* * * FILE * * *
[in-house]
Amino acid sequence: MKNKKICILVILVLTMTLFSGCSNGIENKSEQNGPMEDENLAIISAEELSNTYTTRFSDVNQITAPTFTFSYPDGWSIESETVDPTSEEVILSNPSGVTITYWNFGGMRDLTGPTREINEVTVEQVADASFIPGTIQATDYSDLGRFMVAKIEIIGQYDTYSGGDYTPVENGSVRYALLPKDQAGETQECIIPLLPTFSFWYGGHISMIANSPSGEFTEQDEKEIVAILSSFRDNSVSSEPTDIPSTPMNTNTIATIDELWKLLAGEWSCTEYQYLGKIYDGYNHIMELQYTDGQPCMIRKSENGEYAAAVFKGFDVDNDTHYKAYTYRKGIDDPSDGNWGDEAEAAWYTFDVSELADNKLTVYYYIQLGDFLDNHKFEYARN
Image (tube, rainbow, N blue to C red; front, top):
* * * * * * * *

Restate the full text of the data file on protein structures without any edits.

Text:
[in-house]
Amino acid sequence: MKNKKICILVILVLTMTLFSGCSNGIENKSEQNGPMEDENLAIISAEELSNTYTTRFSDVNQITAPTFTFSYPDGWSIESETVDPTSEEVILSNPSGVTITYWNFGGMRDLTGPTREINEVTVEQVADASFIPGTIQATDYSDLGRFMVAKIEIIGQYDTYSGGDYTPVENGSVRYALLPKDQAGETQECIIPLLPTFSFWYGGHISMIANSPSGEFTEQDEKEIVAILSSFRDNSVSSEPTDIPSTPMNTNTIATIDELWKLLAGEWSCTEYQYLGKIYDGYNHIMELQYTDGQPCMIRKSENGEYAAAVFKGFDVDNDTHYKAYTYRKGIDDPSDGNWGDEAEAAWYTFDVSELADNKLTVYYYIQLGDFLDNHKFEYARN
Image (tube, rainbow, N blue to C red; front, top):